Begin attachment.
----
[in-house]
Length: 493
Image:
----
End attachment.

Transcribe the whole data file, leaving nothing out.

[in-house]
Length: 493
Image: